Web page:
Golf365 History: The Open at Carnoustie
Matt Cooper takes a closer look at the history of this week’s Open Championship venue and discovers three plot lines repeat on this section of the Scottish coastline.
The 66th Open Championship, the first at Carnoustie, and right from the start the themes were set. After 54 holes Argentina’s Jose Jurado led by three shots on 4-over 220. The tournament was then played Wednesday to Friday with 36 holes on the final day and in the afternoon Jurado wilted.
He made the turn in level, but on the back nine needed five strokes more than par, allowing Scotsman Tommy Armour to pinch the title. Nicknamed the ‘Silver Scot’, Armour had been mustard-gassed in the Great War and initially lost his sight entirely, but in convalescence it returned in his right eye. He went on to win three majors and moved to the United States.
Six years earlier England’s Henry Cotton had shared both the first and second round lead, but was unable to maintain the pace. This time he stalked the leaders before striking with a final round of 1-under-par 71 to claim the second of his three Opens.
Once again an early leader struggled: Cotton’s compatriot Reg Whitcombe saw a two-shot 54-hole lead leak into a two-shot loss.
Again there was an Argentine theme, although only tenuously. Two years after his win Cotton married Isabel-Maria Estanguet de Moss, otherwise (and rather more straightforwardly) known as Toots, the daughter of a Buenos Aires beef merchant. If it all sounds rather grand then it was typical of Cotton, who drove a Rolls Royce, flew for the RAF in the Second World War, once lived full-time in a luxury hotel suite and was fond of quaffing champagne and caviar.
One motif maintained, another ripped apart.
The first was the continuing strength of Argentinian golf on the tough linksland of Angus (perhaps it has something to do with beef?). The legendary Roberto De Vicenzo spent the whole week contending and it was perhaps no surprise. This was his third Open and in his first 13 appearances (stretched out between 1948 and 1969) he notched an incredible 11 top tens including a gob-smacking eight top threes. In 1953 he was not even the leading player from his nation however. Antonio Cerda took that honour, finishing in a tie for second.
But in the final round no-one could stop the magnificent Ben Hogan whose final round of 4-under-par 68 earned him a sensational four-shot victory. The win was his third major triumph of the year, yet he was denied the opportunity to win the Grand Slam because the PGA Championship clashed with the Open.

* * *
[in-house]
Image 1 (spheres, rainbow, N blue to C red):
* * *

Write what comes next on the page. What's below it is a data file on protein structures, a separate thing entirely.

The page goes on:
The Argentine flavour of the week? Di Vicenzo was defending the Claret Jug and finished in a tie for tenth.
There was also a return to the narrative of runaway Carnoustie leader getting chased down, although in this case Billy Casper’s race was run rather swiftly. He was four clear of the field after a second round of 68 left him the only man under the card on 4-under 140. But he could only add 74-78 to trail in fourth whilst Gary Player fought the final day high wind better than anyone in the field to grab a two-shot victory.
No Argentine, instead Scottish club pro David Huish endured 36-hole honours. “Endured”? Yes, he hated it. Having posted 69-67 to reach 8-under 136 he had a two-shot lead and the expectation of the home crowd and media. Everywhere he turned there was attention and it frazzled him.
Dan Jenkins, writing in Sports Illustrated, was baffled, writing: “He would shrug and say that no matter what happened he wasn’t going to miss out on ‘golf week’ at North Berwick when he would get to sell a whole lot of clubs and balls. Nor would he consider going on the tour. “I don’t see why I should do somethin’ I don’t want to do,” Huish said. “On the tour I’d miss my home cookin’.””
At the conclusion of a windy final day Tom Watson and Aussie Jack Newton were locked together at the top of the leaderboard. They returned next day for an 18-hole play-off which Watson claimed on the final green.
A 24-year wait for the sixth Open on the course and Carnoustie’s three narratives were all in evidence.
The blue and white triband with the Sol de Mayo in the middle on the leaderboard? Tick. Angel Cabrera was solo second at halfway.
Runaway leader has complications and ends up losing? Tick, tick, tick, tick, tick, tick, tick, tick, tick and tick again. Jean Van de Velde re-wrote the record books for that one.
Local hero being somewhat dazzled by the experience? Paul Lawrie was sensational on the final day, overcoming a ten-shot 54-hole deficit and then winning a three-man four-hole play-off. Unlike Huish, he only had the fuss and bother after his win. Like Huish, he found it all a bit meddlesome.
Angel Cabrera was back. El Pato had triumphed in the US Open a few weeks earlier and through 36-holes was eyeing the double, but at the business end it was his young compadre Andres Romero who nearly snaffled the Claret Jug.
He thrashed ten birdies in a wild final round that got him to 9-under after 70 holes, holding a two-shot lead on the field, but he finished double bogey-bogey to finish third.
Sergio Garcia was two clear after 18 and 36 holes, three clear with 18 to play and had a ten-foot par putt on the final green to claim the championship. It slipped past the hole and he was defeated in the play-off by Padraig Harrington.
Remember: three themes. A Scotsman might contend (he might even win; two of seven Carnoustie champions flew the Saltire), but he might get a sore head about it, expect a dash of Argentine flair, and pray for anyone who runs clear of the field.
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